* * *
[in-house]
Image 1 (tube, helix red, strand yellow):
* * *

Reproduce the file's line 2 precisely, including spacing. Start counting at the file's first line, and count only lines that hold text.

Image 1 (tube, helix red, strand yellow):